The 15th annual Shenandoah Valley Bach Festival at Eastern Mennonite University will spotlight composers from many cultures who were strongly influenced by the prolific German composer.
The program opens Sunday, June 10 and concludes with the popular Leipzig worship service June 17.
Photo by Jim Bishop
“Since Felix Mendelssohn’s revival of Bach’s ‘St. Matthew Passion’ in 1829, composers have been inspired by the monumental music of the late Baroque master,” said Kenneth J. Nafziger, artistic director and conductor of the festival. “The circle of admirers includes all who participate in Bach festivals around the world and musicians from many cultures who have made his music their own.”
The opening concert, at 3 p.m. Sunday, June 10, in Lehman Auditorium. will feature Bach’s “Concerto for 2 Violins and Strings in D Minor” with violinists Joan Griffing and Susan Black; “Bachianas brasileiras, No. 1” by Heitor Villa-Lobos, Mendelssohn’s’ “String Symphony No. 5 in B-flat Major” and “Las Cuatro Estaciones Portenas” (The Four Seasons) by Astor Piazzola.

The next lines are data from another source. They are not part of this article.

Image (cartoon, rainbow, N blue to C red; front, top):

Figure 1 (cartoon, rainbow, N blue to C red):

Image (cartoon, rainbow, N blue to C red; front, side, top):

Major festival concerts will be held at 7:30 p.m. Friday, June 15 and 7:30 p.m. Saturday, June 16 in Lehman Auditorium. Friday’s program will feature the brilliant artistry of pianist Janina Fialkowska in two concertos for piano and orchestra by Frederic Chopin, along with Bach’s “Orchestral Suite No. 1 in C Major and Carl Philipp Emmanuel Bach’s “Symphony in E-flat Major.”
Saturday night’s program will draw on the combined talents of the Bach festival orchestra and choir with guest soloists Sharla Nafziger, soprano, and Thomas Jones, bass, in performing Johannes Brahms’ “Requiem.”
Chamber music programs with instrumentalists and vocalists from the festival will be presented noon-1 p.m. Monday through Saturday, June 11-16, at Asbury United Methodist Church, S. Main St., in Harrisonburg. Admission is free; donations are welcomed.
The festival will conclude with the annual Leipzig service at 10 a.m. June 17 in Lehman Auditorium, often cited by many attendees as the highlight of the week. The program recreates an 18th century worship service at St. Thomas Lutheran Church in Leipzig, Germany, where Bach was cantor and conducted a cantata for each week’s service.
The Shenandoah Valley Bach Festival is sponsored in part by the Virginia Commission for the Arts and the Arts Council of the Valley.
Bach Festival tickets are available on-line at www.emu.edu/bach or by calling the EMU box office at 540-432-4582.